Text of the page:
DFI has always been a name synonymous with overclocking. To put it simply, they really do not make anything that does not have a ton of overclocking features built right into it. Even their small form factor boards with IGPs on them are setup to be overclocked to the hilt. This does make them a more enthusiast oriented product, but that has not hurt them at all in terms of sales.
We recently had the fun of toying around with DFI's LANParty Jr. GF9400 T2RS. This is an LGA 775 DDR2 board that has NVIDIA's GF9400 IGP and MCP7A-U chipset (pretty much ION) right in the middle. While DFI may boast some of the most overclockable boards, how will this work on the NVIDIA chipset, especially given its market point as an entry level and HTPC mainboard? - After all, how many people do you know that overclock their HTPC?
At 139.99 USD from Newegg, can the DFI LANParty Jr. GF9400 T2RS make a good SFF gaming board and break out of its intended HTPC/Entry level shell? Well, we aim to find that out today.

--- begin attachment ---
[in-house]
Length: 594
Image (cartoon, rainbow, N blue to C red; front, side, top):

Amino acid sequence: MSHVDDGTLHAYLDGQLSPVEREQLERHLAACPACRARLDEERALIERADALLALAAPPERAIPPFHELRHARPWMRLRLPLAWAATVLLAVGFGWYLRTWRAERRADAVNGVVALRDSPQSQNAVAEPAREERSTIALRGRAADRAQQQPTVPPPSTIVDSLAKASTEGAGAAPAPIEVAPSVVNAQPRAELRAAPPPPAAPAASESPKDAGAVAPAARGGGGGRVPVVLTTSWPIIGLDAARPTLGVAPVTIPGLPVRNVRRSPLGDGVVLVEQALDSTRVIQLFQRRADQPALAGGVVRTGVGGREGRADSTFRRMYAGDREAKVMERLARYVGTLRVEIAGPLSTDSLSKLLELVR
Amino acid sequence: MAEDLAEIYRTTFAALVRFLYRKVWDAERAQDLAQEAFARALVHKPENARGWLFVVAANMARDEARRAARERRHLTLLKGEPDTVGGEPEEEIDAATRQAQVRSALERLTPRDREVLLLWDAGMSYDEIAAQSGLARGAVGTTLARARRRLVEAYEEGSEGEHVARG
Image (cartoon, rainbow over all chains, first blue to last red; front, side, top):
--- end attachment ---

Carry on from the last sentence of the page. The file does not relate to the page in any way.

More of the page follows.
Last updated: Apr 7, 2020 at 12:28 pm CDT
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- Page 1 [Introduction]
- Page 2 [The Box and What's Inside]
- Page 3 [The Motherboard]
- Page 4 [BIOS and Overclocking]
- Page 5 [Test System Setup and Comments]
- Page 6 [Synthetic Tests - Part I]
- Page 7 [Synthetic Tests - Part II]
- Page 8 [Synthetic Tests - Part III]
- Page 9 [Real-World Tests Part I]
- Page 10 [Real-World Tests Part II]
- Page 11 [Power Usage and Heat Tests]
- Page 12 [Final Thoughts]